Take three gifted teenagers equally versed in jazz and R&B, and what results is the crossover jazz sound of Pieces of a Dream. Still recording today, the group helped pioneer contemporary jazz with their smooth sound, pop hooks, and street feel. Their third album, 1983's Imagine This, proved to be one of their most successful due to the silky single "Fo Fi Fo."
Philadelphia has spawned an impressive array of talent, and its roster includes keyboards James Lloyd, drummer Curtis Harmon, and bassist Cedric Napoleon. The teen musicians formed the group in 1976 and played throughout the Tri-State area. Their jazz chops impressed listeners and critics, including one specific fan: Grover Washington, Jr. After attending the trio's concert at the Bijou, Washington joined them onstage to perform a version of his own classic, "Mr. Magic." Impressed, Washington signed them to his production company, releasing their debut self-titled album in 1981. Since then, Pieces of a Dream have collaborated with various artists such as Gerald Albright, Eva Cassidy, Maysa Leak, Maurice White, and Bernard Wright. Napoleon departed the act in the 1990s, but Lloyd and Harmon have continued Pieces of a Dream with a rotating cast of top musicians.
Pieces of a Dream are often credited with sparking the "smooth jazz" movement, and their highest charting single "Fo Fi Fo" does reflect the genre. Cowritten by Dexter Wansel and Washington, the track retains the mellow tone of contemporary jazz. However, an electric guitar solo further modernizes the song, blending numerous genres into one track. Indeed, "Fo Fi Fo" faintly echoes "Mr. Magic" in its mixture of R&B, funk, and jazz elements. However, Napoleon's youthful lead vocals add a dose of Marvin Gaye to the song, giving it a slightly funkier edge.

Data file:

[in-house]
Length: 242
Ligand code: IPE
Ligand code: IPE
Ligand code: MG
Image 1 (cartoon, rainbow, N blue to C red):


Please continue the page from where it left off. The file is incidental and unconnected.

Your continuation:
The lyrics are fun, with the narrator repeating his lucky number: 454. Interestingly, some lines reference basketball players Moses Malone and Dr. J. While those words may slightly date the song, Napoleon's vocals (as well as his subtle bass lines) saves the song from becoming passé. "You know sometimes you win / And there are times you lose / But there's always a chance / That luck will smile on you," he sings earnestly; however, when he lets his voice drop on the titular numbers, one can hear a wink. His voice particularly shines in the bridge, demonstrating his range on the lines "And I don't believe in the fictitious / But astrologically it is my number today." The "oohs" come straight from the Gaye playbook, yet he sounds squarely in the 70s and 80s. In addition, the predominately minor key structure lends a more melancholy air to "Fo Fi Fo," a somewhat cynical tone that undermines the narrator's guarded optimism about luck and fortune.
"Fo Fi Fo" became a crossover R&B hit, earning urban radio airplay and peaking at number 15 on the charts in 1984. It also became a staple of the "smooth jazz" stations that emerged in the mid-80s. Along with Washington, Miles Davis, Herbie Hancock, George Benson, and Roy Ayres, Pieces of a Dream demonstrated that jazz has more in common with soul, R&B, and funk than some listeners may realize.